Earlier in the season, we had what I’d consider to be the crowning achievement of Season 10 (so far), the episode ‘Luthor’ that introduced us to “Earth-2”, Clark Luthor and gave us back our beloved John Glover. It was a wonderfully atmospheric episode that featured a commanding performance from Tom Welling in the role of his unscrupulous, Luthor-bred counterpart. Hearing that we were going to revist that world and Dark Kent, I was thrilled with anticipation. In the same turn, however, I was worried that it was kind of late in the game to be taking this kind of detour, what with only 6 episodes left in the entire series run (four episodes and the two-part finale). It can be said now that ‘Kent’ was far from a detour and actually represented precisely what this final season should be about: closure, remembrance, moving on, and typifying exactly how much Clark Kent has grown and is ready to head into the next (and well known) phase of his life.

What I enjoyed most about ‘Kent’ was that it was thoroughly a character piece and not exceptionally driven by plot, as is often the case with the show. With three of the four main cast members and guest star John Schneider making up the bulk of the dramatis personae, the characters were allowed time to simply interact with one another. That gave ever interaction a greater weight and feel, particularly Clark Luthor and Tess’ dinner, Clark Kent and alt-Johnathan’s time together, and Clark and Lois’ closing moments at the farm.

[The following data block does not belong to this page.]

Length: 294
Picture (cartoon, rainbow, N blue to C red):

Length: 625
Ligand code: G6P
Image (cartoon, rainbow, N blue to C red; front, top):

I have to give big praise to Tom Welling. Not only did he get a little more screen time than he’s used to getting lately, but he convincingly played two separate roles. This is none more evident than in the scene with Lois at the new apartment in Metropolis. Clark Luthor is pretending to be Clark Kent and we know that going into the scene. But there is a subtle shift in Tom’s energy and presence throughout the beginning of the scene that really captures how different the two men are. It’s an impressive skill Tom has picked up and shows how much he’s grown as an actor since the beginning of the show, for sure, but also since the last time he played an evil twin in Season 7 with Bizarro.